Verse 9. - Desire to for will, A.V.; a temptation for temptation, A.V.; many for into many, A.V.; such as for which, A.V. A temptation. The reason of the insertion of the article before "temptation" in the R.V. seems to be that, as the three substantives all depend upon the one preposition εἰς, they ought all to be treated alike. But if so, the reasoning is not good, because "temptation" implies a state, not merely a single temptation. The prefixing of the article is therefore improper. It should be "temptation," as in the A.V. and in Matthew 6:13; Matthew 26:41; Luke 22:40, etc. Snare (παγίδα); as 1 Timothy 3:7, note. The concur-pence of the two words περιρασμός and παγίς show that the agency of Satan was in the writer's mind. Several good manuscripts, Fathers, and versions, add the words τοῦ διαβόλου after παγίδα (Huther). Drown (βυθίζουσι); only here and Luke 5:7 in the New Testament. Found also in 2 Macc. 12:4, and in Polybius - "to sink," transitive. Destruction and perdition (ὔλεθρον καὶ ἀπώλειαν). The two words taken together imply utter ruin and destruction of body and soul. Ὄλεθρος, very common in classical Greek, occurs in 1 Corinthians 5:5; 1 Thessalonians 5:3; 2 Thessalonians 1:9, and is limited in the first passage to the destruction of the body, by the words, τῆς σαρκός. Ἀπωλεία, less common in classical Greek, is of frequent use in the New Testament, and, when applied to persons, seems to be always used (except in Acts 25:16) in the sense of "perdition" (Matthew 7:13; John 17:12; Romans 9:22; Philippians 3:19; 2 Thessalonians 2:3; Hebrews 10:39; 2 Peter 3:7; Revelation 17:3, etc.).
For the love of money is the root of all evil: which while some coveted after, they have erred from the faith, and pierced themselves through with many sorrows.
Verse 10. - A root for the root, A.V.; all kinds of for all, A.V.; some reaching after for while some coveted after, A.V.; have been led astray for they have erred, A.V.; have pierced for pierced, A.V. Love of money (φιλαργυρία); only here in the New Testament, but found in the LXX. and in classical Greek. The substantive φιλάργυρος is found in Luke 16:14 and 2 Timothy 3:2. A root. The root is better English. Moreover, the following πάντων τῶν κακῶν (not πόλλων κακῶν) necessitates the giving a definite sense to ῤίζα, though it has not the article; and Alford shows dearly that a word like ῤίζα, especially when placed as here in an emphatic position, does not require it (comp. 1 Corinthians 11:3, where in the second and third clause κεφαλή, being in the emphatic place, has not the article). Alford also quotes a striking passage from Diog. Laert., in which he mentions a saying of the philosopher Diogenes that "the love of money ( φιλαργυρία) is the metropolis, or home, πάντων τῶν κακῶν." Reaching after (ὀρεγόμενοι). It has been justly remarked that the phrase is slightly inaccurate. What some reach after is not "the love of money," but the money itself. To avoid this, Hofmann (quoted by Luther) makes ῤίζα the antecedent to η΅ς, and the metaphor to be of a person turning out of his path to grasp a plant which turns out to he not desirable, but a root of bitterness. This is ingenious, but hardly to be accepted as the true interpretation. Pierced themselves through (περιέπειραν); only here in the New Testament, and rare in classical Greek. But the simple verb πείρω, to "pierce through," "transfix," applied 'especially to "spitting" meat, is very common in Homer, who also applies it metaphorically exactly as St. Paul does here, to grief or pain. Ὀδύνησι πεπαρμένος, "pierced with pain" ('Il.,' 5:399).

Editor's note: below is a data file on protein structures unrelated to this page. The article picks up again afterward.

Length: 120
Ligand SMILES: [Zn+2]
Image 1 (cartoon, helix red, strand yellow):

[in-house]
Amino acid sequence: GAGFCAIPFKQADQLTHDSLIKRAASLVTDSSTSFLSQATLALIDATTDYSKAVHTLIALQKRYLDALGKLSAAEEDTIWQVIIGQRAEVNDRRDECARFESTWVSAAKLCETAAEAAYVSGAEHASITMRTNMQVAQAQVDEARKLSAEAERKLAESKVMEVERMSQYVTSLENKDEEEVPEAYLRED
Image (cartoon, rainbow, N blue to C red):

But thou, O man of God, flee these things; and follow after righteousness, godliness, faith, love, patience, meekness.
Verse 11. - O man of God. The force of this address is very great. It indicates that the money-lovers just spoken of were not and could not be "men of God," whatever they might profess; and it leads with singular strength to the opposite direction in which Timothy's aspirations should point. The treasures which he must covet as "a man of God" were "righteousness, godliness, faith, love, patience meekness." For the phrase, "man of God," see 2 Timothy 3:17 and 2 Peter 1:21. In the Old Testament it always applies to a prophet (Deuteronomy 33:1; Judges 13:6; 1 Samuel 2:27; 1 Kings 12:22; 2 Kings 1:9; Jeremiah 35:4; and a great many other passages). St. Paul uses the expression with especial reference to Timothy and his holy office, and here, perhaps, in contrast with the τοὺς ἀνθρώπους mentioned in ver. 9. Flee these things. Note the sharp contrast between "the men" of the world, who reach after, and the man of God, who avoids, φιλαργυρία. The expression, "these things," is a little loose, but seems to apply to the love of money, and the desire to be rich, with all their attendant "foolish and hurtful lusts." The man of God avoids the perdition and maul fold sorrows of the covetous, by avoiding the covetousness which is their root. Follow after (δίωκε); pursue, in direct contrast with φεύγε, flee from, avoid (see 2 Timothy 2:22). Meekness (πρα'υπαθείαν). This rare word, found in Philo, but nowhere in the New Testament, is the reading of the R.T. (instead of the πρᾳο;τητα of the T.R.) and accepted by almost all critics on the authority of all the older manuscripts. It has no perceptible difference of meaning from πραότης, meekness or gentleness.